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The Army wants robots to help soldiers map underground tunnels, and it wants them ASAP

The Army is looking to up its subterranean warfare capabilities with drone technology that would allow soldiers map out tunnels
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The Army is looking for drone or robot technology that would allow soldiers map out tunnels to up its subterranean warfare capabilities — and it wants it now.

In a Request for Information (RFI) published by the Army’s Rapid Equipping Force (REF) on April 15 and first reported by Army Times. the Army challenged the defense industry to send in documentation for products at the model or prototype level of development within the next 30 days.

The ideal tunnel mapping system will “be able to operate in GPS denied environment” and produce a 2D or 3D map, according to the RFI. It should be “rapidly deployable, easy and safe to operate … highly reliable and self-contained.” It should be able to be mounted on an unmanned ground or aerial vehicle, or be carried by soldiers.

This ask comes as the Army recently poured millions into training and preparing for subterranean warfare. As Military Times — who got a first-hand look at the Army’s preparation for underground battle — points out, “inor nods to underground training” at Army and Marine Corps training centers is not new, but “erious manning, equipping, funding and training across the force has been lacking.”

In a February interview with Military Times, retired Army Maj. John Spencer detailed number of wishlist items he’d like to see used in an underground fight, including ground-penetrating radar, foam grenades, and a “guardian robot dog” that performs the same functions as loitering UAVs do above ground.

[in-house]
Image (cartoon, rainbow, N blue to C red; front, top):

And it’s not just the Army — the Marine Corps and Air Force are tacking the challenges subterranean warfare pose as well. Recently, the Defense Advanced Research Projects Agency (DARPA), which launched a Subterranean Challenge, which aims to “explore new approaches to rapidly map, navigate, search and exploit complex underground environments,” and “ensure that our warfighters and first responders are equipped with the technologies and capabilities they need.”

The development of technologies for subterranean environments will also benefit the civilian world, according to Dr. Ethan Stump of the Army’s Combat Capabilities Development Command’s Army Research Laboratory.

“Subterranean environments are a fantastic domain for trying to understand the extreme limits of what can be done with autonomy,” Stump said. “[I]t is important to understand exactly what parts of a complex mission you need human input for and what parts can be safely and reliably delegated to autonomy. This understanding has implications for many military and civilian applications, such as interplanetary science and underwater exploration.”

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